[ Parent ]
Family impact (5.00 / 13) (#38)
by rolfpal on Tue Mar 12, 2002 at 04:06:36 PM EST

As a former parent of a severly disabled (blind w severe cerebral palsy) child, I want to tell you that you need resources to care for a disabled child. A court case is one of the only avenues open to you as a parent. Caring for a disabled adult child is an onerous full time job that allows very little time off, no pay, only expenses.

Government assistance is usually very light, unless you are willing to give your child to a Childrens Aid Society WHILE THEY ARE STILL CHILDREN. That usually involves claiming that you are an incompenant or dangerous parent.

My son died in his teens, I have met parents whose children lived to be fifty or sixty who still relied on care (diapering, feeding, bathing, entertainment etc.) from their eighty year old parents.

We as a society have not come to grips with the reality that our medically advanced system saves children that would have died in previous generations. We do not have any reasonable way of sharing the burden that the birth of a disabled child places upon families.

closest to the point (4.66 / 6) (#50)
by arcoiris on Tue Mar 12, 2002 at 07:33:57 PM EST

Of all of the comments, this one from a parent who has lived through the experience is the ONLY one that doesn't so blatantly miss the point of this lawsuit. The suit is not about frivolously getting money or debasing human life. While there are glaring examples of stupid lawsuits, most of this kind are for an entirely different reason -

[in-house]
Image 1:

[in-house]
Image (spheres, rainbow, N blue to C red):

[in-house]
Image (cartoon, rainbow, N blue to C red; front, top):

IT IS THE ONLY WAY TO FORCE THE GENERAL PUBLIC TO WAKE UP AND TAKE A LOOK AT HOW OUR CULTURE IS EFFECTING QUALITY OF LIFE.

Until the horrors of any similar experiences land directly on our doorsteps, we never think twice about what many people go through on a day to day basis. In general, we rarely consider how the convienences we take for granted (driving our car half a mile to work, using an extra gallon of water so that we can leave the faucet on while brushing our teeth...) are directly impacting those around us.

This lawsuit is about waking Americans up to the fact that something needs to be done to address a hard, out-of-control reality that forces many people to horrifying levels of desperation.

They are not saying that, since these children are not "ideal" the parents should not have had to have them; they are saying HELP! Healthcare in this country is far too expensive. Communal support nearly does not exist. Options are not available.

This lawsuit is about waking the public and the law up to the fact that a policy, a network, a system of support needs to be established.



[ Parent ]
Negligence isn't the way (4.50 / 2) (#57)